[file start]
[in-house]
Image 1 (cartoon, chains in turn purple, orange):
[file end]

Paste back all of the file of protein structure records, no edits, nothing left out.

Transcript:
[in-house]
Image 1 (cartoon, chains in turn purple, orange):